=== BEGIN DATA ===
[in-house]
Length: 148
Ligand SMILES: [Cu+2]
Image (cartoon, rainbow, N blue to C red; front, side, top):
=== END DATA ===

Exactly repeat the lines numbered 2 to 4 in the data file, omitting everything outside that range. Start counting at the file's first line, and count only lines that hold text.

Length: 148
Ligand SMILES: [Cu+2]
Image (cartoon, rainbow, N blue to C red; front, side, top):